By: Betty Wedman
For at least 12,000 years, Peru has been inhabited by descendants ofthe Inca civilization. For countless generations, the farmers of thePeruvian Andes have lived on potatoes, cornmeal cakes, and alpacha,or goat meat.
Grilled guinea pig is the main course on special occasions, andavocados, tomatoes, yucca root, and beans round out the traditionalmenu.
Almost half of Peru's population is still indigenous, and they eatan average of two pounds of potatoes at every meal. At 13,000 feetabove sea level, I counted over 150 varieties of potatoes availablein a Cusco market.
Sitting down to join a family for lunch, I ate fresh potatoes dugright out of the ground, a striking contrast to the cold-storedRusset potatoes found in American supermarkets. A local publichealth specialist told me that Peru has over 3,000 types of tubersstored in test tubes or cold chambers in their gene bank.
Recently, the glycemic index has given potatoes a bad name inNorth America, yet potatoes are the world's fourth most importantfood source after wheat, corn, and rice. And the scientists I spokewith had nothing but praise for the potato's resistance to cold,drought, insects, and diseases.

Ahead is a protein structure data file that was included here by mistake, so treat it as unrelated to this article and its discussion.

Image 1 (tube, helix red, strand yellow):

Now, however, the indigenous population is beginning to abandonpotatoes in favor of junk food. In June 2007, during a two-weekvisit to the Peruvian Andes, I saw soft drinks, chips, puffedcereals, and even a Peruvian version of Twinkies.
Soda ads are painted on every wall and building, making them astatus symbol for all ages. The local guides, or "sherpas," aremaking enough money to take such goodies back to their families, andwesternized foods are taking over their diets.
One morning in a local market, several women told me that peoplehave begun to spend their money on "foreign food." Puffed cerealsare eaten for breakfast instead of corn soup or leftovers. Crackersand chips are much more expensive than local fruits like papaya,avocado, and plums, yet people choose them whenever they have money.
I watched one shaman eat western food for three days in a row. Hisage was 48 but he looked like 70, and my interpreter told me that hehad been feeling tired and complaining of leg problems The one timethat he allowed me to check his blood glucose, about an hour afterone of his westernized lunches, his reading was 263 mg/dl.
All this junk food is leading to obesity and then, inevitably, totype 2 diabetes. And public health officials have begun to worryabout how to diagnose and treat the disease in a population of sevenmillion that never sees a doctor and has no medical insurance. It'sa small sample of how western food is disrupting the diets ofindigenous populations all over the world.